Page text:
The reputed leader of the Gambino crime family, once headed by infamous mobster John Gotti, was gunned down in a “well-thought-out execution” outside his New York City home late Wednesday — sparking an investigation into whether the hit was sanctioned or the revival of a “mob war,” sources told ABC News.
Francesco “Franky Boy” Cali, 53, was found with multiple gunshot wounds to his body outside his home on Staten Island, according to the New York Police Department.
“This was not some fly-by-night thing,” a law enforcement official briefed on the investigation told ABC News. “This was a well-thought-out execution.”
Police recovered 12 shell casings at the scene, sources said.
Cali is the first reputed mob boss murdered in New York City in 35 years. He was shot outside his home as many as 10 times by a killer who may have fled the scene in a pickup truck, police said.
His wife and children were inside the house when he was attacked.
Paramedics took Cali to Staten Island University North hospital after responding to the home at 9:17 p.m., police said. He was pronounced dead less than 40 minutes later.
A male witness who was driving nearby when the attack occurred told police he heard multiple gunshots that, at first, he thought were fireworks, a source told ABC News. The witness also told police he saw an individual run toward the driver’s side of a blue pickup truck while simultaneously keeping one hand near his waistband, the source said.
Additional witnesses told police they saw the pickup truck driving through the neighborhood around the time of the shooting.
A 911 caller reported a blue pickup truck driving away from the scene, New York ABC station WABC reported.
No one has been arrested and an investigation is ongoing. No gun has been recovered, authorities said.
A law enforcement official briefed on the investigation told ABC News that detectives are attempting to determine if Cali’s killing signaled the revival of a “mob war.” The shooting outside Cali’s home, the source said, suggests the killing was meant to send an ominous message.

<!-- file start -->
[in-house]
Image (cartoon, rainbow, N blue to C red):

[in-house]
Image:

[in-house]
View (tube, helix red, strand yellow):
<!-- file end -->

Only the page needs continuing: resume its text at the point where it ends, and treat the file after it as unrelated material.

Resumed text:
Last October, Sylvester Zottola, 71, reportedly of the Bonanno crime family, was gunned down at a McDonald’s drive-thru in the Bronx. Zottola’s son, Salvatore, survived an apparent assassination attempt in July outside his home, also in the Bronx.
Cali’s family members told police he was inside his house when he heard something that sounded like his car being hit and went outside, the source said.
But a source told ABC News that Cali received either a call or text message on his cell phone that lured him out to the front terrace of his home.
As part of the probe, investigators are attempting to collect cell phone records to analyze as they attempt to identify the killer or killers, the source said. Detectives are also urgently reviewing security video from neighboring homes and other surveillance cameras that might show the killer coming or going from Cali’s home in the Tote Hill area of Staten Island.
The NYPD has also obtained a search warrant for Cali’s home to remove security camera footage from the house, a source told ABC News.
Aerial footage from the crime scene taken by a WABC-TV helicopter showed police searching a silver SUV outside Cali’s home with at least 17 evidence markers around it, some apparently noting the location of spent shell casings. It was not immediately clear if any surveillance cameras in the upscale residential neighborhood captured the shooting.
Cali is the highest-ranking alleged member of a crime family to be murdered in New York in decades, according to WABC.
The last mob boss to be killed was Paul Castellano, also the leader of the Gambino crime family at the time, who was murdered outside Sparks Steakhouse in Midtown Manhattan in 1985. That hit was ordered by Gotti, who later took over the family until being convicted in 1992 of racketeering and Castellano’s murder.
Gotti died of cancer in prison in 2002.
ABC News’ Mark Osborne contributed to this report.